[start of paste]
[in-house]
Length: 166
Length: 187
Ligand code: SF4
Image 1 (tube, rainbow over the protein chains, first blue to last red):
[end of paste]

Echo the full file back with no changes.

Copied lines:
[in-house]
Length: 166
Length: 187
Ligand code: SF4
Image 1 (tube, rainbow over the protein chains, first blue to last red):